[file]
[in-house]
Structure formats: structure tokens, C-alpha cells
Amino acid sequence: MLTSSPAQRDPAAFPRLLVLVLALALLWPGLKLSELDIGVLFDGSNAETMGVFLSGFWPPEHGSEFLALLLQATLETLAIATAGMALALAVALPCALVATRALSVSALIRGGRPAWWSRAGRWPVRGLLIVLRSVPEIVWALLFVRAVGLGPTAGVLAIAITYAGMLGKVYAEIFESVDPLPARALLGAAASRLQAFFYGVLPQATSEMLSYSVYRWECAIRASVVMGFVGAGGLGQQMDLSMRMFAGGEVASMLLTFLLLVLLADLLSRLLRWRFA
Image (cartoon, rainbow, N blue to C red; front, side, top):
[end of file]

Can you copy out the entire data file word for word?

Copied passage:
[in-house]
Structure formats: structure tokens, C-alpha cells
Amino acid sequence: MLTSSPAQRDPAAFPRLLVLVLALALLWPGLKLSELDIGVLFDGSNAETMGVFLSGFWPPEHGSEFLALLLQATLETLAIATAGMALALAVALPCALVATRALSVSALIRGGRPAWWSRAGRWPVRGLLIVLRSVPEIVWALLFVRAVGLGPTAGVLAIAITYAGMLGKVYAEIFESVDPLPARALLGAAASRLQAFFYGVLPQATSEMLSYSVYRWECAIRASVVMGFVGAGGLGQQMDLSMRMFAGGEVASMLLTFLLLVLLADLLSRLLRWRFA
Image (cartoon, rainbow, N blue to C red; front, side, top):